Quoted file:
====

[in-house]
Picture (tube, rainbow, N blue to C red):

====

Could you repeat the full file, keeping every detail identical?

[in-house]
Picture (tube, rainbow, N blue to C red):